Social Language Processing, Inc. v. Ott et al

Filing 44

ORDER granting in part 36 Defendants Motion to Dismiss Amended Complaint or, Alternatively, to Transfer to the United States District Court for the Northern District of New York. This case is TRANSFERRED to the United States District court for the Northern District of New York. The Clerk of Court shall transmit this cause and all the records pertaining thereto to the Clerk of Court of the Northern District of New York. Case is CLOSED. Signed by Judge James I. Cohn on 4/9/2013. (ams)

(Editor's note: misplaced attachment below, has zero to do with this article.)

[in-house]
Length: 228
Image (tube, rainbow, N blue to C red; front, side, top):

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UNITED STATES DISTRICT COURT SOUTHERN DISTRICT OF FLORIDA CASE NO. 12-62286-CIV-COHN/SELTZER SOCIAL LANGUAGE PROCESSING, INC., d/b/a SLP-ID, Plaintiff, v. MYLE OTT, JEFFREY T. HANCOCK, and CLAIRE CARDIE, Defendants. _______________________________________/ ORDER TRANSFERRING CASE TO THE NORTHERN DISTRICT OF NEW YORK THIS CAUSE is before the Court upon Defendants’ Motion to Dismiss Amended Complaint or, Alternatively, to Transfer to the United States District Court for the Northern District of New York [DE 36]. The Court has considered the motion, Plaintiff’s response [DE 40], Defendants’ reply [DE 42], the argument of counsel at the April 5, 2013 hearing, and is otherwise fully advised in the premises. I. BACKGROUND This action arises out of Defendants’ alleged misappropriation of a computer program called Review Skeptic. According to the Amended Complaint, “Review Skeptic is a program that, through the use of certain algorithms and related technology, is designed to detect fraudulent on-line reviews of products and services purportedly written by customers.” DE 31 ¶ 18. Review Skeptic is able to identify certain types of reviews as false with an accuracy rate of 90% or greater. Id. ¶ 21. Plaintiff claims that the program uses “a highly sophisticated and secret method of linguistic and other analyses” to perform its designed function. Id. ¶ 23. The algorithm can be modified to make it effective for different industries’ product reviews. Id. ¶ 24. Plaintiff avers that the modification of the algorithm is “dependent upon confidential data received by SLPID and the Defendants from businesses pursuant to agreements prohibiting the improper use and disclosure of the confidential data.” Id. Plaintiff further claims that “[t]he modification and adaptation of Review Skeptic’s technology for use in detecting false reviews in a variety of industries is not publicly known, and has been characterized by [Defendant Myle] Ott as ‘certain non-public aspects of our work.’” Id. The technology for the prototype was developed by Defendants Myle Ott, Jeffrey T. Hancock, and Claire Cardie while they were working at Cornell University. Id. ¶ 26; DE 36-1 ¶ 10. According to Plaintiff, Ott claimed that he owned the Review Skeptic algorithm as of May 2012. DE 31 ¶ 78. In May 2012, Hancock met Louis Gerber, an entrepreneur and businessman who, after speaking with Hancock, became interested in the commercialization of Review Skeptic. Id. ¶¶ 27-29; DE 36-1 ¶¶ 6-9. Plaintiff claims that Gerber spoke with Hancock about making Review Skeptic marketable, and then using Plaintiff to market it. DE 31 ¶ 29. Plaintiff further alleges that, on June 11, 2012, Defendants agreed that they would transfer their rights in Review Skeptic to Plaintiff in exchange for a 50% equity position in the company. Id. ¶ 33. According to the Amended Complaint, Plaintiff then issued stock worth 20% of the company to Hancock, 10% to Cardie, and 10% to Ott, with an additional 10% going to Ott once he completed his studies and began working for Plaintiff full-time. Id. ¶ 34. The stock was allegedly sent to Defendants in one envelope addressed to Hancock on June 18, 2012. Id. Plaintiff avers that Hancock became Plaintiff’s Chief Science Officer, Ott took on the 2 role of Chief Technology Officer, and Cardie became an Advisory Board Member. Id. ¶ 54. Gerber is Plaintiff’s CEO. Id. ¶ 14. Each of them were identified in these roles on the corporate website. Id. In reliance on Defendants’ agreement to transfer Review Skeptic to Plaintiff, Gerber began approaching prospective customers who might be interested in the product. Id. ¶ 56. Among the customers that expressed interest in the program were Direct Brands, Inc. (“Direct Brands”), and Internet Brands, Inc. (“Internet Brands”), which owns, among other websites. Id. Direct Brands is a Delaware corporation with its principal place of business in New York, while Internet Brands is a Delaware corporation with its principal place of business in California. See DE 36-13 at 2; DE 36-14 at 2. On or about June 25, 2012, Gerber, acting on behalf of Plaintiff, signed a Non-Disclosure Agreement with Internet Brands. DE ¶ 61. The agreement provided that Internet Brands would disclose confidential information to Plaintiff in connection with Internet Brands’ evaluation of Plaintiff’s product. Id. The agreement further stated that Plaintiff must treat the information as confidential, and that the information was not to be used to benefit third parties. Id. ¶¶ 61-62. On or about July 20, 2012, Gerber signed a Confidentiality Agreement with Direct Brands, which provided for the disclosure of Direct Brands’ confidential information to Plaintiff as part of the parties’ business arrangement. Id. ¶ 64. Plaintiff alleges that, pursuant to the above-referenced agreements, Internet Brands and Direct Brands each submitted confidential information to Plaintiff so that Plaintiff could modify Review Skeptic to perform the applications required by those firms. Id. ¶ 65. Then, on August 26, 2012, Hancock informed Gerber that Defendants had 3 decided to terminate their relationship with Plaintiff, and to convert Review Skeptic and other programs under development to their own use. Id. ¶ 90. On August 30, 2012, Plaintiff’s counsel emailed Defendants, advising them that they had breached their fiduciary duties to Plaintiff. Id. ¶ 90. Defendants did not respond to the email. Id. On September 2, 2012, Gerber emailed about the situation. A representative of Internet Brands informed Gerber that Ott had furnished them with the program that was developed using the confidential data that Plaintiff had obtained from Internet Brands. Id. ¶ 92. On October 9, 2012, Plaintiff’s counsel “‘formally request[ed] a response from as to whether it [was] using Review Skeptic’s property. . . .’” Id. ¶ 94 (quoting DE 31-1 at 37). did not respond. Id. On November 20, 2012, Plaintiff filed this action against Ott, Hancock, and Cardie. See DE 1. On January 22, 2013, Defendants moved to dismiss the Complaint or transfer venue to the Northern District of New York. DE 21. On February 13, 2013, the Court denied Defendants’ motion as moot in light of Plaintiff’s filing its Amended Complaint [DE 31]. See DE 32. In the Amended Complaint, Plaintiff brings the following claims against all Defendants: (1) breach of fiduciary duty and duty of loyalty; (2) misappropriation of trade secrets, pursuant to the Florida Uniform Trade Secrets Act, Florida Statutes § 688.001, et seq. (“FUTSA”); (3) tortious interference with SLPID’s contractual relations and prospective economic advantage; (4) unjust enrichment; and (5) civil conspiracy. In the instant motion, Defendants move to dismiss the Amended Complaint for lack of personal jurisdiction over Defendants, as well as for failure to state a claim. Alternatively, they move to transfer this action to the Northern 4 District of New York. Plaintiff opposes the motion in all respects. As described below, the Court finds that transfer of venue is the appropriate remedy in this case. As a result, the Court need not reach the question of whether it has personal jurisdiction over Plaintiff’s claims against Defendants. See Leach v. Peacock, No. 2:09cv738-MHT, 2011 U.S. Dist. LEXIS 31779, at *4-5 (M.D. Ala. Mar. 25, 2011) (noting that “[i]f venue is improper, the court need not reach the question of whether it has personal jurisdiction over [the plaintiffs’] claims.”). ; see also City Partners, Ltd. v. Bradford Co., 484 F. Supp. 538, 539 (S.D. Fla. 1980) (finding that “[a] District Court lacking personal jurisdiction may transfer a case . . . under 28 U.S.C. § 1404(a)”). II. DISCUSSION Title 28 U.S.C. § 1404(a) provides that, “For the convenience of parties and witnesses, in the interest of justice, a district court may transfer any civil action to any other district or division where it might have been brought.” 28 U.S.C. § 1404(a). Section 1404 gives the district courts discretion to “adjudicate motions for transfer according to an individualized case-by-case consideration of convenience and fairness.” Stewart Org., Inc. v. Ricoh Corp., 487 U.S. 22, 29 (1988). To determine whether transfer is appropriate here, the Court must determine first, whether Plaintiff could have brought this action in the Northern District of New York, and second, whether the convenience of parties and witnesses and the interest of justice warrant transfer to New York. See Thermal Techs., Inc. v. Dade Serv. Corp., 282 F. Supp. 2d 1373, 1376 (S.D. Fla. 2003). 5 A. Plaintiff Could Have Brought This Action in the Northern District of New York “An action ‘might have been brought’ in a proposed transferee court if that court has jurisdiction over the subject matter of the action, if venue is proper there, and if the defendant is amenable to process issuing out of the transferee court.” Windmere Corp. v. Remington Products, Inc., 617 F. Supp. at 8, 10 (S.D. Fla. 1985); see also Jewelmasters, Inc. v. May Dep’t Stores Co., 840 F. Supp. 893, 894 (S.D. Fla. 1993) (finding that a case ‘might have been brought’ in districts with proper venue, subjectmatter jurisdiction, and personal jurisdiction over the claims). Here, these factors indicate that the case could have been brought in the Northern District of New York. First, because subject-matter jurisdiction in this case is based in diversity, a district court in New York would have the same subject-matter jurisdiction over the action as this Court does. Second, venue is proper in New York because all Defendants reside in the Northern District, specifically, in Ithaca. See DE 31 ¶¶ 11-13; see also 28 U.S.C. § 1391(a)(1) (“a civil action may be brought in . . . a judicial district in which any defendant resides, if all defendants are residents of the State in which the district is located.”). Third, because they reside in Ithaca, Defendants are amenable to service of process issued by the Northern District of New York. Plaintiff does not contest that the action could have been filed in the Northern District of New York. See DE 40 at 25-26 (arguing primarily that the convenience of the parties and Plaintiff’s choice of forum do not favor transfer). Therefore, the Court finds that Plaintiff could have brought this action in Northern District of New York, in accordance with § 1404(a). The only remaining question to be decided is whether, on 6 balance, the convenience of the parties and witnesses, and the interest of justice weigh in favor of this Court retaining this case or transferring it. See 28 U.S.C. § 1404(a). B. The Factors Weigh in Favor of Transfer To determine whether to transfer an action to another forum under §1404(a), courts evaluate the following factors: (1) convenience of the parties; (2) convenience of the witnesses; (3) relative ease of access to sources of proof; (4) availability of process to compel presence of unwilling witnesses; (5) cost of obtaining presence of witnesses; (6) plaintiff’s choice of venue; and (7) the public interest. See Gulf Oil Corp. v. Gilbert, 330 U.S. 501, 508-09 (1946); Windmere Corp. v. Remington Prods., Inc., 617 F. Supp. 8, 10 (S.D. Fla. 1985). Upon consideration of the facts in this case, the Court concludes that, on balance, these factors weigh in favor of transfer. The first factor, regarding convenience of the parties, weakly favors keeping the action here. While Plaintiff’s CEO and general counsel are located in Florida, all Defendants reside in the Northern District of New York. However, as Plaintiff notes, the trial is scheduled for the summer, and as academics, Defendants may be freer to travel during the summer. The next four factors — convenience of the witnesses, relative ease of access to sources of proof, availability of process to compel presence of unwilling witnesses, and cost of obtaining presence of witnesses — strongly favor transfer. The Court notes that the convenience of the witnesses and the Court’s ability to compel process are generally given substantial weight in transfer decisions. See Gonzalez v. Pirelli Tire, LLC, No. 07-80453-CIV-MARRA/JOHNSON, 2008 U.S. Dist. LEXIS 13492, at *6 (S.D. Fla. Feb. 22, 2008). In this case, the only potential witnesses who live in Florida are 7 Plaintiff’s CEO and Plaintiff’s general counsel. Plaintiff points to no other forms of evidence, other than emails between Mr. Gerber and various parties, that might be located in Florida. On the other hand, several witnesses and potential sources of evidence are located in New York. Direct Brands has its principal place of business in New York, and thus is subject to compulsory process there. See DE 36-13 at 2. Cornell University — including all of its students, employees, and documents related to the development and ownership of Review Skeptic — is in the Northern District, and amenable to process there. See DE 31 ¶ 17. Plaintiff points out that three of its corporate officers reside in Pennsylvania, Ohio, and Texas, respectively, and argues that it would be easier for them to get to Florida than to New York. The Court fails to see how it would be easier for an individual in Pennsylvania or Ohio to travel to this District than to the Northern District of New York. Thus, the Court finds that this set of factors clearly favors transfer. The sixth factor, plaintiff’s choice of venue, weighs weakly against transfer because Plaintiff chose to file this action in the Southern District of Florida. However, a plaintiff’s “choice of forum is not controlling but is merely one of the factors to be considered by the court in determining the most convenient forum for the case.” Windmere Corp., 617 F. Supp. at 10. Where, as here, “the operative facts underlying the cause of action did not occur within the forum chosen by the Plaintiff, the choice of forum is entitled to less consideration.” Gould v. Nat’l Life Ins. Co., 990 F. Supp. 1354, 1358 (M.D. Ala. 1998) (quoting Garay v. BRK Elec., 775 F. Supp. 1010, 1011 (M.D. Fla. 1991)). Plaintiff has not shown that any potential witness, other than its CEO and 8 general counsel, resides in the Southern District. Nor has Plaintiff pointed to any evidence that would be difficult to transport to New York. Finally, the seventh factor — the public interest — favors transfer for two reasons. First, New York has a much greater local interest in the outcome of this dispute than Florida does. While Plaintiff’s CEO resides here and Plaintiff is incorporated here, it is unclear from the record whether Plaintiff has any other business ties to Florida. In contrast, New York has a substantial interest in adjudicating this case: all Defendants reside in New York; the product in dispute was developed in New York, and is purportedly still owned by a university in New York; and some of the allegedly confidential information at issue was originally obtained from a corporation with its principal place of business in New York. See Thermal Techs., 282 F. Supp. 2d at 1378-79 (finding that the district where “the bulk of th[e] activity clearly occurred, and was directed by persons” was the district with the stronger public interest in trying the dispute). Additionally, Defendants assert that New York law would likely apply in this action. See Whitney Bank v. Swearingen, No. CA 12-0198-CG-C, 2012 U.S. Dist. LEXIS 83351, at *21-22 (S.D. Ala. May 4, 2012) (citing “a forum’s familiarity with the governing law” as one factor to consider in transfer decisions). Florida choice-of-law rules provide that the principal location of a defendant’s unlawful conduct will usually be given the greatest weight in determining choice of law in actions concerning misappropriation of trade secrets. See Default Proof Credit Card Sys., Inc. v. State St. Bank & Trust Co., 753 F. Supp. 1566, 1571 & n.3 (S.D. Fla. 1990). In this case, Defendants’ allegedly unlawful acts principally took place in New York, and, as described above, none of the alleged conduct took place in Florida. Therefore, and 9 without prejudice to any subsequent determination on this issue, it appears likely that New York law would govern this action. Accordingly, the Court concludes that the relevant factors, on balance, weigh in favor of transferring this action to the Northern District of New York. IV. CONCLUSION Therefore, for the foregoing reasons, it is hereby ORDERED AND ADJUDGED that Defendants’ Motion to Dismiss Amended Complaint or, Alternatively, to Transfer to the United States District Court for the Northern District of New York [DE 36] is GRANTED in part as follows: 1. The above-referenced action is hereby TRANSFERRED, pursuant to 28 U.S.C. § 1404(a), to the United States District court for the Northern District of New York. 2. The Clerk of Court shall transmit this cause and all the records pertaining thereto to the Clerk of Court of the Northern District of New York. 3. All other pending motions are DENIED AS MOOT, and the Clerk of Court is directed to CLOSE this case. DONE AND ORDERED in Chambers at Fort Lauderdale, Broward County, Florida, this 9th day of April, 2013. Copies provided to: Counsel of record via CM/ECF 10